Last week, Matthew Kingsbury, pastor of an OPC church in Denver, CO, wrote about the PCA’s vote not to make an in thesi statement regarding the origins of Adam and Eve. His opinion was that the “grown-ups” had prevailed:
The Westminster Standards cover a great deal of doctrinal ground, and I (for one) think it unlikely a committee-penned statement on, say, justification will be any more clear than the Confession, Larger Catechism, and Shorter Catechism.
Thus, the cockles of my curmudgeonly heart (if, in fact, a curmudgeon can be said to have a heart) were warmed when the 40th General Assembly of the Presbyterian Church in American rejected an overture that it make an in thesi declaration against theistic evolution on the ground that Scripture and the Westminster Standards do so with sufficient clarity.
This is important for two reasons: first, the Assembly has taken the very grown-up position that presbyterians need not restate what they’ve already stated, no matter how many people insist it is VERY IMPORTANT that they do so. Let the Baptists issue statements; we’ve subscribed to a confession.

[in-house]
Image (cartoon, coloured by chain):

Pastor Kingsbury believes that a declaration like the Rocky Mountain Presbytery overture would not help preserve orthodoxy:
The practical impotence of in thesi declarations is why I think them corrosive to the Church’s well-being. Church officers are free to agree or disagree with them with whatever degree of openness they prefer; disagreement brings with it no automatic sanctions. This creates the impression that the Church’s highest judicatory has spoken in a final way on a matter, and can be freely ignored by any and all of the Church’s members; this simply cannot be healthy for any ecclesiastical body.
Far better, I think, to read our confessional standards and be content with the very grown-up statements they provide.
I guess I’m not much of a grown-up, because I couldn’t disagree more. (Tomorrow, I’ll post a response written by a pastor in the ARP.)